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dc.rights.licenseRestricted to current Rensselaer faculty, staff and students. Access inquiries may be directed to the Rensselaer Libraries.
dc.contributorLetchford, C. W.
dc.contributorRosowsky, David V.
dc.contributorLombardo, Franklin Thomas
dc.contributorO'Rourke, Michael J.
dc.contributor.authorMudd, Lauren
dc.date.accessioned2021-11-03T08:14:22Z
dc.date.available2021-11-03T08:14:22Z
dc.date.created2014-10-08T11:18:36Z
dc.date.issued2014-08
dc.identifier.urihttps://hdl.handle.net/20.500.13015/1207
dc.descriptionAugust 2014
dc.descriptionSchool of Engineering
dc.description.abstractThe maximum wind speed (or rain-rate) distribution, as well as the joint distribution of maximum wind speed (or rain-rate) and storm size, under the current and future climate scenarios, are then compared. Finally, a joint wind, rain, and size hazard model is constructed that includes consideration of projected climate change impacts. The use of such a joint hazard model in performance-based engineering applications also is discussed. In addition, climatological effects on rainfall accumulation versus the occurrence of maximum wind speeds is explored and the applications of such an assessment are discussed. Ultimately, the hurricane wind and rain hazards are projected to increase under most considered climate scenarios, with the increases in the rain hazard being much more drastic. The radius of maximum winds (rain), is shown to decrease with increasing wind/rain hazards. Rainfall accumulation at the time of occurrence of maximum winds for a category 2 event are not projected to increase substantially between the current and future climate scenarios.
dc.description.abstractIt is generally accepted in the scientific community that the climate is changing. The Fourth Assessment Report compiled by the International Panel on Climate Change (IPCC) states that warming of the climate system is unequivocal, and that this warming has likely influenced observed changes in many physical systems at the global scale. It is essential that current design codes and standards adapt to reflect global climate change and that accurate projections of extreme environmental event hazards (e.g., wind, rain) are developed. This would allow for a better understanding of the risk to our existing inventory of civil infrastructure and also ensure that target safety and performance levels are met when designing structures and infrastructure systems in the future. With the trend toward performance-based engineering, for US coastal regions, along the Atlantic Ocean and Gulf of Mexico, this means a quantitative assessment of climate change impact on hurricane hazard performance levels is needed.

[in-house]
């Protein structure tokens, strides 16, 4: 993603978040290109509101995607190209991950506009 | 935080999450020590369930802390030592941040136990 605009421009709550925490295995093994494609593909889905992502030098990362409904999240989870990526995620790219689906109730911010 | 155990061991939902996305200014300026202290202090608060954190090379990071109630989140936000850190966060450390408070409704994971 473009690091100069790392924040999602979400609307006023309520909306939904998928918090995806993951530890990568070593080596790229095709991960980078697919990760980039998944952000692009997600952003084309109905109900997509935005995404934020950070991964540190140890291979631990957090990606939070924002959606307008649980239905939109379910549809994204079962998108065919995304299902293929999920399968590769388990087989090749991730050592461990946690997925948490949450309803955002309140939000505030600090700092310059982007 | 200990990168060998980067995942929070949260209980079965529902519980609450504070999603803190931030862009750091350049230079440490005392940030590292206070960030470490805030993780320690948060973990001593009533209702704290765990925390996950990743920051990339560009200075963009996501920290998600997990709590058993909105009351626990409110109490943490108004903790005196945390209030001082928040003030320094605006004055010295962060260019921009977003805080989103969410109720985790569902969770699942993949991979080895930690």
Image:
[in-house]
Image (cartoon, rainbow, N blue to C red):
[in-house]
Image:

dc.description.abstractThis dissertation presents results of a study to assess the impact of possible future climate change on the joint hurricane wind and rain hazard along the northeast US coastline. A number of different postulated climate change models (IPCC scenarios) are considered, where each scenario suggested changes in sea surface temperature (SST), the driving parameter in most modern hurricane models. In order to characterize the wind hazard, the climate scenarios are coupled with hurricane genesis, wind field, tracking, central pressure, and decay models to examine possible changes in hurricane intensity (maximum wind speed) and hurricane size (radius of maximum winds). The evolution of hurricane genesis frequency, hurricane genesis location, and hurricane track behavior are examined, though no temporal trend is apparent in either. Probabilistic models of hurricane genesis frequency, hurricane genesis location, and hurricane track behavior conditioned on SST are then developed and considered both independently and jointly with hurricane intensification. A rainfall hazard model is then developed using recorded rainfall data associated with hurricane events and a probabilistic model relating wind and rain is developed.
dc.language.isoENG
dc.publisherRensselaer Polytechnic Institute, Troy, NY
dc.relation.ispartofRensselaer Theses and Dissertations Online Collection
dc.subjectCivil and environmental engineering
dc.titleA multi-hazard assessment of climatological impacts on hurricanes affecting the northeast US : wind and rain
dc.typeElectronic thesis
dc.typeThesis
dc.digitool.pid173051
dc.digitool.pid173052
dc.digitool.pid173053
dc.rights.holderThis electronic version is a licensed copy owned by Rensselaer Polytechnic Institute, Troy, NY. Copyright of original work retained by author.
dc.description.degreePhD
dc.relation.departmentDept. of Civil and Environmental Engineering


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